Re: Times Roman 'N' Helvetica

Subject: Re: Times Roman 'N' Helvetica
From: Steve Fouts <sfouts -at- ELLISON -dot- SC -dot- TI -dot- COM>
Date: Thu, 4 Nov 1993 13:52:17 CST

|} >I think lots of writers have leapt into the brave new world of DTP and
|} >font capability with little background in typography. For example, most of
|} >(and Windows program menu options further this) say font when we mean
|} >A minor quibble, but indicative of our disconnection from the source of this
|} >terminology.
|} >Fred Wersan
|} >Bull HN Informations Systems
|} Fred,
|} I'm not clear on the distinction between font and typeface. I looked up
|} the two words in the American Heritage Dictionary, which defines font as:
|} "a complete set of type of one size and face." It defines typeface as "1a.
|} The surface of a block of type that makes the impression, b. the impression
|} made by this surface; 2. the size or style of the letter or character on a
|} block of type; 3. the full range of type of the same design."
|} Seems like the definitions are similar. How would you distinguish their use?

A font used to be a collection of type of a single size and design. In terms of
physically setting type, a font was a wooden drawer that held, for example,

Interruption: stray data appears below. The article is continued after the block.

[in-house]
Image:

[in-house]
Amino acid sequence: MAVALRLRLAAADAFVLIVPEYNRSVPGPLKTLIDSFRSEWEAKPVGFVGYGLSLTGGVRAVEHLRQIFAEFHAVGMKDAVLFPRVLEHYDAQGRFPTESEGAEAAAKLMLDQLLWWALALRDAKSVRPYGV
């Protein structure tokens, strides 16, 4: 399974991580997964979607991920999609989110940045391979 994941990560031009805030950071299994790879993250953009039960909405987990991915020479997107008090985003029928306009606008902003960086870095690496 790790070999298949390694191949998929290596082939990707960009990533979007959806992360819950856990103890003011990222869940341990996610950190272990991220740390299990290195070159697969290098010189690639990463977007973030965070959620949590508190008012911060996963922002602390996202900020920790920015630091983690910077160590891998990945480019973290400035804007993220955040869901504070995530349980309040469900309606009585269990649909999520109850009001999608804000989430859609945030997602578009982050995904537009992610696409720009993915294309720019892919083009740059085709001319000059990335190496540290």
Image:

Times roman 9pt. type. A typeface was a collection of the same design in various
sizes, say Times roman in sizes from 6 to 72 pt. A type _family_ was a
of related typefaces, such as Helvetica Medium, Helvetica Medium Italic,
Bold Italic.

With digital type, the need to keep these terms separate and distinct has faded
somewhat. Especially since the advent of outline style typefaces that are
infinitely sizable. Many times you will see the word font used to refer to what
used to be called a typeface, for example, a particular brand of laser printer
comes with 17 _fonts_ installed. What it actually has installed is:

Courier in roman, italic, bold, and bold italic (4)
Helvetica in roman, italic, bold, and bold italic (4)
Helvetica Narrow in roman, italic, bold, and bold italic (4)
Times in roman, italic, bold, and bold italic (4)
and Symbols (1)

So there are really 17 typefaces in four font families, and with fractional font
sizing available, a meaninglessly large number of "fonts." To add to the
there are now literally millions of people out there using these terms on a
basis who have no idea what the terms really mean.

Since the word "font" is short and easy to say, I think that you will continue
to see
the distinction between font and typeface erode, despite the hardwork of folks

******************** Steve Fouts
* _ ___ * sfouts -at- ellison -dot- sc -dot- ti -dot- com
* ( |____| *
* _ /\ |\ _ * "a little inaccuracy sometimes saves tons of
* / / \ _| \ \ * explanation."
* ( * ) \/_|__* ) * --H. H. Munro
* \_/ _/ \_/ * <Boilerplate disclaimer here>

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